Thousands of pro-democracy protesters hit the streets of Hong Kong on Sunday for the 10th weekend in a row, once again defying police after a night of “hit-and-run” rallies across the city.
Activists calling for greater democratic freedoms in the city have shown no sign of standing down, despite Hong Kong’s leader insisting she will not meet their demands.
Early Sunday afternoon, hundreds of protesters were gathered in the city’s Victoria Park, braving hot and humid conditions and a police ban on the demonstration following a planned march route from the park.
“The police should try their best to maintain public security instead of rejecting our request to march,” said a 25-year-old protester who gave only her family name, Wong.
“We’re still here … and we’ll see if we feel like marching later. We won’t worry that much about illegal assembly. We still have our rights,” she told AFP.
Police have given protesters a permit to gather at the park, but denied their request to stage a march through an eastern part of Hong Kong Island.
They also denied protesters a permit for a second protest in the city’s working class neighbourhood of Sham Shui Po, but a rally was also underway there.
“It will be no good for Hong Kong if everyone is scared and no one dares to come out,” Wong said. “We should have freedom from fear.”
The fresh protests come after a night of cat-and-mouse demonstrations around the city, with protesters taking their mantra of flexible action – “Be Water” – to new heights.
Groups of protesters sporting helmets and gas masks, dressed in their movement’s signature black, blocked intersections across the city for hours throughout the night.
In several locations riot police fired tear gas, and 16 people were arrested, but the rallies largely avoided the lengthy pitched battles between the two sides that have been seen in recent weeks.
Protesters said they were adopting a new strategy to try to minimise direct confrontations with police.
“Our aim is no injuries, no bleeding and not getting arrested,” said a 17-year-old student protester who gave his family name as Chan.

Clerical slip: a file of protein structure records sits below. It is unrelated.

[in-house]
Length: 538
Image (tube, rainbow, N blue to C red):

“I think our previous tactics of staying in one place led to many arrests and injuries … We need to ‘be water’ to avoid injuries,” he told AFP at the Victoria Park gathering.
Protesters were also on their third and final day of a sit-in at the city’s airport that was billed as way to explain their movement to sometimes bemused arriving visitors.
The demonstrations that began more than two months ago in opposition to a bill allowing extraditions to mainland China have morphed into a broader bid to reverse a slide in democratic freedoms in the city.
The movement has been seen as the biggest threat to Beijing’s rule of the semi-autonomous Chinese city since its handover from the British in 1997.
And the city’s Beijing-appointed leader Carrie Lam has made clear she will not grant the protesters’ demands, which include a full withdrawal of the now-suspended extradition bill, direct election of the city’s leader and an investigation into police violence.
On Friday she ruled out concessions “in order to silence the violent protesters,” saying what the city needed was “to stop the violence.”
On Saturday, she addressed students at Hong Kong army cadets camp and warned that the city was “suffering from external worries and internal perils, and the risk of an economic downturn is very high.”
“Every person who cherishes Hong Kong and loves peace should work hard together and safeguard our beautiful home.”
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